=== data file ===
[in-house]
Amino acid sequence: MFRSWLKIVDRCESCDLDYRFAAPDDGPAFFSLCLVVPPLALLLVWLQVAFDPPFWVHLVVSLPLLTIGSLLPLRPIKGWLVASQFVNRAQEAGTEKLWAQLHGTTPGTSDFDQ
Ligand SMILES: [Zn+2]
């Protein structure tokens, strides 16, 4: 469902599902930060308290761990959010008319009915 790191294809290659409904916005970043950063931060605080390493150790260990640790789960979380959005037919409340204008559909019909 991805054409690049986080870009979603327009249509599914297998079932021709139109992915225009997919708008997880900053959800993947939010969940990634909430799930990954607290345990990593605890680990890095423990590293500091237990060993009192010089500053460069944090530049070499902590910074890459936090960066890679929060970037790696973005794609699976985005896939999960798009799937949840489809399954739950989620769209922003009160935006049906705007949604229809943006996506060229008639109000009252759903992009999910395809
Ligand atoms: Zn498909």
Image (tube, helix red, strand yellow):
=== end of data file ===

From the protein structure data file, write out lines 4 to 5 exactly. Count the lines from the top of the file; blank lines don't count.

């Protein structure tokens, strides 16, 4: 469902599902930060308290761990959010008319009915 790191294809290659409904916005970043950063931060605080390493150790260990640790789960979380959005037919409340204008559909019909 991805054409690049986080870009979603327009249509599914297998079932021709139109992915225009997919708008997880900053959800993947939010969940990634909430799930990954607290345990990593605890680990890095423990590293500091237990060993009192010089500053460069944090530049070499902590910074890459936090960066890679929060970037790696973005794609699976985005896939999960798009799937949840489809399954739950989620769209922003009160935006049906705007949604229809943006996506060229008639109000009252759903992009999910395809
Ligand atoms: Zn498909």